Sea Level Rise and the Observation of Change in Mudflat Geomorphology and Land Cover
Ildiko C. Pechmann
Significant changes in the external forcing on the Meadowlands' marshes have occurred in the past decades. Records show a ~20 cm increase in sea level since 1970 and a much faster rate of 8 mm per year from now to 2030. Similarly, the sediment supply has been modified by land development. During the past decade, sediment accretion rates of 6 mm/year and more have contributed to changes in the elevation of the marsh plain compared to a decade ago. Sea level rise also influences wetland retreat as mudflats and marsh surfaces are mutually adjusting to increased inundation periods and changes in sediment supply.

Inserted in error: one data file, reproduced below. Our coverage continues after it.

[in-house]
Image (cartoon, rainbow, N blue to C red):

Measure indicators of marsh resilience to identify marshes in the District that have the most chance of persistence under future sea-level rise (SLR) conditions.
Acquire data from tidal datum, LiDAR, drone, and hyperspectral imagery, and integrate these with existing sediment accretion rates and marsh elevation point measurements. Arrive at mapped stability metrics and show marshes with the most chance of persisting under future sea-level rise conditions.